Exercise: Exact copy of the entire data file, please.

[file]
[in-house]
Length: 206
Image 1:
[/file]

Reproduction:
[in-house]
Length: 206
Image 1: